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519 reviews/ratings
SLAYER - Show No Mercy Thrash Metal | review permalink
SLAYER - Hell Awaits Thrash Metal | review permalink
SLAYER - Reign in Blood Thrash Metal | review permalink
SLAYER - South of Heaven Thrash Metal | review permalink
FATES WARNING - Perfect Symmetry Progressive Metal | review permalink
EXODUS - Bonded by Blood Thrash Metal
QUEENSRŸCHE - Rage For Order Heavy Metal
KREATOR - Terrible Certainty Thrash Metal
SLAYER - Haunting the Chapel Thrash Metal
QUEENSRŸCHE - Operation: Mindcrime Progressive Metal | review permalink
CORONER - No More Color Technical Thrash Metal
SODOM - Agent Orange Thrash Metal
KREATOR - Extreme Aggression Thrash Metal
MORBID ANGEL - Altars of Madness Death Metal | review permalink
ANACRUSIS - Reason Thrash Metal
DEATH - Spiritual Healing Death Metal
SLAYER - Seasons in the Abyss Thrash Metal
METAL CHURCH - Metal Church US Power Metal
POSSESSED - Seven Churches Death Metal | review permalink
WATCHTOWER - Energetic Disassembly Technical Thrash Metal | review permalink

See all reviews/ratings

Metal Genre Nb. Rated Avg. rating
1 Heavy Metal 142 2.42
2 Thrash Metal 90 3.23
3 US Power Metal 36 2.88
4 Hard Rock 28 2.07
5 Speed Metal 24 2.77
6 Power Metal 19 2.82
7 Traditional Doom Metal 18 2.33
8 Death Metal 17 3.29
9 Proto-Metal 16 1.69
10 Technical Thrash Metal 14 3.00
11 Neoclassical metal 13 2.62
12 NWoBHM 13 2.42
13 Hardcore Punk 12 1.54
14 Black Metal 11 2.50
15 Progressive Metal 11 3.00
16 Funk Metal 8 1.75
17 Industrial Metal 7 1.36
18 Alternative Metal 6 1.33
19 Crossover Thrash 5 2.00
20 Metal Related 4 1.00
21 Heavy Psych 3 1.83
22 Grindcore 3 0.83
23 Death-Doom Metal 3 2.00
24 Glam Metal 2 1.25
25 Goregrind 2 1.25
26 Groove Metal 2 2.25
27 Doom Metal 2 3.00
28 Sludge Metal 2 1.00
29 Rap Metal 1 1.00
30 Viking Metal 1 3.00
31 War Metal 1 2.00
32 Stoner Metal 1 1.50
33 Deathgrind 1 3.00
34 Avant-garde Metal 1 2.00

Latest Albums Reviews

ENTOMBED Left Hand Path

Album · 1990 · Death Metal
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Good god. Death Metal was born in the late 80’s, but most of that stuff isn’t a huge leap away from extreme Thrash and Black metal of the same decade. Even the albums that had broken from carrying clear Thrash influence still sound like a genre in development. This beast sounds like it could have been released yesterday.

Entombed took one step back and two forward. They slowed down a bit, and instead of trying to outdo their peers with technical prowess or blistering intensity, dug themselves a grave and adopted a truly sepulchral sound. Insanely downtuned guitars with a sludgy buzz sound like they’re cutting through a murky swamp, while the rhythm section lays tight and varying beats that pound at a steady mid-tempo (by extreme metal standards). The vocals are the deepest growls laid to record by 1990, and there is a very cold, grave atmosphere that runs somewhat contrary to the genre’s roots in hellfire. The blue cover could play into this as much as the band’s icy homeland – but this is unmistakably the closest to true, cold death that Death Metal had ever gotten at the time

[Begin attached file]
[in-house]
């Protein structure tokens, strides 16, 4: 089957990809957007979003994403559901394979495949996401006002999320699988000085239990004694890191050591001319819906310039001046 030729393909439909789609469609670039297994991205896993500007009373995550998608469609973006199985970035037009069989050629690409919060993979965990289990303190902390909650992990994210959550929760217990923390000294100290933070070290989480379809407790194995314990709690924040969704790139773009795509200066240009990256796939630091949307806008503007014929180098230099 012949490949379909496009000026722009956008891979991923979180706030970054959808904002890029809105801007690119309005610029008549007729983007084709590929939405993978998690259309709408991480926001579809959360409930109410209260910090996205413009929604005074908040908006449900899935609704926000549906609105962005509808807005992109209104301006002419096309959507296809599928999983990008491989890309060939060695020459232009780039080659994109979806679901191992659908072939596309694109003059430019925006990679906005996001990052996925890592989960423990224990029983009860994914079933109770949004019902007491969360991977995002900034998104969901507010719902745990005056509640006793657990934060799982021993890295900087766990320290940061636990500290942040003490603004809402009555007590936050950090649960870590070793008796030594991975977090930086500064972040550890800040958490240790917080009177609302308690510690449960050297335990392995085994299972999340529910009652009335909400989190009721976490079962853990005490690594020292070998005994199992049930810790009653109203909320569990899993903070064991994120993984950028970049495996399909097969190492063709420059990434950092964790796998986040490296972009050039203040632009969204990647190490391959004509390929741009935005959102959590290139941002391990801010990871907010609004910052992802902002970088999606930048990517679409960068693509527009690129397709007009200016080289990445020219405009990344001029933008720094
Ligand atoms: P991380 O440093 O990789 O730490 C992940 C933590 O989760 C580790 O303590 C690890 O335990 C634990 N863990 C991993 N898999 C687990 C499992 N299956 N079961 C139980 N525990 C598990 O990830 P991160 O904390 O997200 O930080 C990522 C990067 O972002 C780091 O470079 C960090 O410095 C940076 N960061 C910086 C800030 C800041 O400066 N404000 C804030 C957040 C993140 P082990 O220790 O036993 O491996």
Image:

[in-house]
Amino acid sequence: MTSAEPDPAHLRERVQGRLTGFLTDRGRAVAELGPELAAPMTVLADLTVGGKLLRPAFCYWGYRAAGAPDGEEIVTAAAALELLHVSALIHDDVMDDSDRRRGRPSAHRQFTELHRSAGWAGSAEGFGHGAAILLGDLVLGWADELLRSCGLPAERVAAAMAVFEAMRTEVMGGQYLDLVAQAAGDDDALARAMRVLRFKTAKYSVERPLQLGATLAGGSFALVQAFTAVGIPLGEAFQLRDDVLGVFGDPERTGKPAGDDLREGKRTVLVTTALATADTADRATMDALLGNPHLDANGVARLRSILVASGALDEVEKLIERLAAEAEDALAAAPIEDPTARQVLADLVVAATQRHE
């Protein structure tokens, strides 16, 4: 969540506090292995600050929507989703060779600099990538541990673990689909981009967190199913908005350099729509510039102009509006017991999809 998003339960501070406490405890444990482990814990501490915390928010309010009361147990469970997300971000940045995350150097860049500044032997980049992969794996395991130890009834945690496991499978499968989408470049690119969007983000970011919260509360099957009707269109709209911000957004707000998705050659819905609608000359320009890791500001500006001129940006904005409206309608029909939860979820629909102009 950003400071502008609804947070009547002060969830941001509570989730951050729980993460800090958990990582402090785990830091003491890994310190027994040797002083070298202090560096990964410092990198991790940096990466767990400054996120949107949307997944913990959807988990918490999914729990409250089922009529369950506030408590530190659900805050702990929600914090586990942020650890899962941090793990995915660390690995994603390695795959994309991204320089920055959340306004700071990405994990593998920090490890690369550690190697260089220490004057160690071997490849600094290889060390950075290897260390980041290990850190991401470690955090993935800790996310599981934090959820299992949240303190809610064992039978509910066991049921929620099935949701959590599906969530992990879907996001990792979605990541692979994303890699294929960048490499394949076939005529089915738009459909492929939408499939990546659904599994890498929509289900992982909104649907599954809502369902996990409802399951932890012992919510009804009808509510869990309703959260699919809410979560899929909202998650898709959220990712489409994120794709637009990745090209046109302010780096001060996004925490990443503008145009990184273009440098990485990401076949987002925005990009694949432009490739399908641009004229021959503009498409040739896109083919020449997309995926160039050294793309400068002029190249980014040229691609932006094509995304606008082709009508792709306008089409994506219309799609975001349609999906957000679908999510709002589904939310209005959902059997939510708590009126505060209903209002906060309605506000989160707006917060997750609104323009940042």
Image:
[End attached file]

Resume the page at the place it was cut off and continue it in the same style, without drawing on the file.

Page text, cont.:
Album · 1990 · Power Metal
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Painkiller. I don’t think anyone saw this coming from Judas Priest, one of the tamer metal bands, some 20 years into their career. I can’t imagine the insanity this caused when it dropped in 1990.

I can only look at it now. And now even now, it remains an absolute beast of melodic Speed Metal with more than a few of the genre’s most memorable riffs ever put to record. Halford’s iconic voice becomes a shredding cry here on a much different level than he had ever done before. The drumming flows into Power Metal territory with its constant double bass pummeling, and the guitars weave intense melodies that flirt with Thrash but lean more towards epic stylings rather than dark. And yet, the music and vocals are very aggressive, but almost upliftingly so. Perhaps triumphantly is a better word, as this album is a remarkable triumph of metal and indisputably Judas Priest’s finest hour.

MEGADETH Rust in Peace

Album · 1990 · Thrash Metal
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Nothing Megadeth did in the 80’s really struck me as all that amazing (no, not even Peace Sells…) but Rust in Peace is almost as incredible as the legends tell.